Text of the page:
By: Peggy Lewis—
Muncie, IN—What is a Human Library? Like all libraries, this one is filled with books. The difference in this library is that all of the books are humans with lived experiences and compelling stories. At a Human Library event, books and readers come together at a specific time and place to engage in dialogue.
Books are people we see in our everyday lives but may never otherwise have the opportunity to meet. At library events, readers borrow people who volunteer as open books to discuss their topics. The goal of each event is to confront stereotypes and build community. In this format, a book and a reader spend about a half hour together sharing information, asking and answering questions, and increasing understanding. Every human book on our bookshelf represents a group in our society that is often subjected to such things as stereotyping, prejudice, stigmatization, or discrimination because of their lifestyle, a diagnosis, belief, disability, social status, or ethnic origin.
Ronni Abergel, founder of the Human Library, calls a library event “living literature.” Each reading is a personal and specific experience. Because of dialogue and questions as opposed to storytelling, a reading is designed to build understanding, expand acceptance, and celebrate differences. This international organization started nearly 20 years ago in Denmark. Today, there are library events happening daily in over 80 countries.
At a recent library event held at the historic and beautiful Oakhurst Home at Minnetrista, more than 80 readers participated and read more than 30 books available that day. At a library event, tough questions are expected, appreciated, and answered. Books say they reach deep to find appropriate and sincere answers while readers find validation and support in reading the books. The impact is powerful for readers and books alike.
Book topics are determined based on thirteen “Pillars of Prejudice” defined by the Human Library. The pillars include religion/ideology, ethnicity, family relations, gender, sexuality, occupation, social status, abuse and addiction, health, mental health, disabilities, lifestyle, and victims. These pillars represent communities or groups within our society, not unique or isolated topics.
The purpose of the Human Library is not to be a storytelling platform, an attempt to mediate between opposing views, or an opportunity to push one’s own ideological views. It is a forum to build understanding and confront stereotypes. A reader who checked out “Child of Felons” found solace in talking to someone who had similar experiences. Another reader who read “Survivor” found herself voicing things she had never been able to say aloud before. Yet another who checked out “Bi-racial” was able to ask questions to help her in raising her own bi-racial children.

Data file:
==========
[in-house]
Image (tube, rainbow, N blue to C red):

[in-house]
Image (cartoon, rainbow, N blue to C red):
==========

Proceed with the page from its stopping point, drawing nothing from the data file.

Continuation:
A reader said, “What impacted me at the Human Library was seeing the number of people open to being open, accepting, and vulnerable both as books and as readers.”
Charlize Jamieson who is a “Transgender” book believes that “as a society, we fear what we don’t understand and examples of that fear play out, somewhere and in some form, every single day. It may surface in the form of bullying, cruel jokes or hate speech, or in the extreme worst cases, physical violence, including murder.”
Charlize says that the experience “provided the ability to see each other’s facial expressions and hear one another’s voices, which in turn resulted in authentic face to face connections.” She sees the readers as “wanting to learn more from those who have dealt with or face major life issues.” She sums it up so well saying, “With each reading, we knock out a brick in the wall of ignorance.”
Muncie has enthusiastically embraced the Human Library. The recent Minnetrista event presented one of the largest book catalogs in the United States. We are currently building the book depot, a repository of published books, who will be published throughout Central Indiana and beyond. The possibilities for breaking down prejudices and biases are exciting.